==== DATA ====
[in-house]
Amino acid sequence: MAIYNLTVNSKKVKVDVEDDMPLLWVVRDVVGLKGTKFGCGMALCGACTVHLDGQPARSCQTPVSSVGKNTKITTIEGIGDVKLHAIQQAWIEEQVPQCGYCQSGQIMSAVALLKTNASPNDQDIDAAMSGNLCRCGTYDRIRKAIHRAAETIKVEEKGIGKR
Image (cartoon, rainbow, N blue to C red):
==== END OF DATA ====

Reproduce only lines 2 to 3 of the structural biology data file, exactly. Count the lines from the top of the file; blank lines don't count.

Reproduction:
Amino acid sequence: MAIYNLTVNSKKVKVDVEDDMPLLWVVRDVVGLKGTKFGCGMALCGACTVHLDGQPARSCQTPVSSVGKNTKITTIEGIGDVKLHAIQQAWIEEQVPQCGYCQSGQIMSAVALLKTNASPNDQDIDAAMSGNLCRCGTYDRIRKAIHRAAETIKVEEKGIGKR
Image (cartoon, rainbow, N blue to C red):